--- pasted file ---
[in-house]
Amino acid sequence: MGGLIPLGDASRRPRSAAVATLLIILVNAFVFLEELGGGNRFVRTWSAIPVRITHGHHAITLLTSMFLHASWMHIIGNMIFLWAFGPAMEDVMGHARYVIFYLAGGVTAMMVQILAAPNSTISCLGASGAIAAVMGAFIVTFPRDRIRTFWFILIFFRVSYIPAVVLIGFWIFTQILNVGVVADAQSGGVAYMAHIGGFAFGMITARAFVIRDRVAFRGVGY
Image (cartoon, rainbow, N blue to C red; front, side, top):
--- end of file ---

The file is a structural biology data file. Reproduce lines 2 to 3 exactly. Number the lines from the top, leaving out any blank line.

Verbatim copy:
Amino acid sequence: MGGLIPLGDASRRPRSAAVATLLIILVNAFVFLEELGGGNRFVRTWSAIPVRITHGHHAITLLTSMFLHASWMHIIGNMIFLWAFGPAMEDVMGHARYVIFYLAGGVTAMMVQILAAPNSTISCLGASGAIAAVMGAFIVTFPRDRIRTFWFILIFFRVSYIPAVVLIGFWIFTQILNVGVVADAQSGGVAYMAHIGGFAFGMITARAFVIRDRVAFRGVGY
Image (cartoon, rainbow, N blue to C red; front, side, top):